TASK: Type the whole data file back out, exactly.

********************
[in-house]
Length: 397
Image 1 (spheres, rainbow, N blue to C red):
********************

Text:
[in-house]
Length: 397
Image 1 (spheres, rainbow, N blue to C red):